A friend asked if I would share my thoughts on momentum.
What is momentum?
Momentum is less about the actions taken and more about the results after the tipping point.
You could say momentum starts when collective force overcomes resistance and causes speed.
What does momentum give us?
Force has a way of pushing through problems that otherwise would slow you down.
You have the mass of everything accomplished pushing you forward.
Momentum gives a break, but it takes away control.
How to build momentum?
Gather mass, plan your direction, and adjust the speed.
In life, you can't always plan when the hills and valleys show up. So you have to control what is in your power; mass, direction, and speed.
How do we cram as much mass as possible into ourselves?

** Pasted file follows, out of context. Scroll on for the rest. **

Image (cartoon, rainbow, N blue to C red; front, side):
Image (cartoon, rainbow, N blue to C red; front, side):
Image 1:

We have to become dense, space needs to be filled and that space has to stay filled even when we're not in control.
Imagine there are different compartments inside each of us. These compartments represent responsibilities and opportunities.
Productivity fills the compartments. Ideally, you'd work and fill each of these compartments.
Then when the next wave of productivity comes, it would sweep across and top up each compartment. The leftovers from the wave of productivity would signify momentum.
Unfortunately, most people don't work like that. We move our effort from each compartment and don't leave a reserve to kickstart momentum.
A key component of momentum is you don't have to keep pushing. You can try, but momentum is in control.
It's more important to steer rather than keep pushing the gas pedal.
Maintaining focus and vision preserves momentum. Seeking hills to climb to new highs and valleys to pick up speed when needed.
Timing of speed is most important. The efficiency of effort determines of far you can go.
If you're massive, you can't go fast quickly. If you're lite, you shouldn't go slow.
Adjust your speed per your abilities and position.
Momentum in business and life is very important. The longer under momentum's force, the harder it is to maintain.
A careful balance of applying force when needed and learning to coast is a lifelong lesson.